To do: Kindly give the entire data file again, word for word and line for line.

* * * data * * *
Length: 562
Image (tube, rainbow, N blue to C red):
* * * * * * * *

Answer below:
Length: 562
Image (tube, rainbow, N blue to C red):